One very achievable way to have a positive impact is to improve the quality of life of hundreds or even thousands of people—and, by extension, their families. Engagement at work improves individuals’ lives. A more engaging work experience can boost fulfillment, peace and positivity for your employees. Those effects can spill over the boundaries of the workplace and improve the lives of employees’ families and many others. What better way to have a positive impact on the world?

How should a leader “perform” engagement?

High employee engagement is a business necessity. So how is it achieved? First, find out what you don’t know. To improve employees’ work experience, you need to understand it. You might be aware of problem areas and some general sentiments, but it's difficult for leadership to have an accurate, objective picture of an employee’s feelings and thoughts about work. An employee survey is generally the best way to get a lot of data quickly.

What survey instrument to use and how to harness the results to inform decisions are crucial choices. You should be sure to use an instrument that measures the most important aspects of engagement, as well as the most crucial beliefs and feelings that drive engagement. And that instrument should be scientifically validated so that the substantial research literature on employee engagement can be brought to bear on your company. A psychological state is difficult to measure. Not just any survey instrument can do it well.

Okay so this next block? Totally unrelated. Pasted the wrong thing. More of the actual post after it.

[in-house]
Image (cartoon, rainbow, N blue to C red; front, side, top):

Just as important, the results produced by a scientifically designed and valid survey are actionable. They can be used with confidence to inform actions targeted to your organization’s, or even specific teams’, best areas of opportunity. In short, a high-quality engagement survey can give you information you can’t get anywhere else.

Next, take action. The second most important thing to remember about employee engagement is the how, not the what. A great employee experience isn't the result of adding fun things to the workplace, like casual Fridays, table tennis or a keg in the breakroom. It’s the result of your corporate approach to human beings. Changes to your “hows” will have greater impact on engagement than a few new “whats.”

Changing existing policies, institutional habits, training procedures, cultures—the “hows”—can be much more difficult than adding some new projects or supplying some fun toys. But it’s the “hows” that have a sustained influence on what your employees feel each day as they go about the tasks of their job.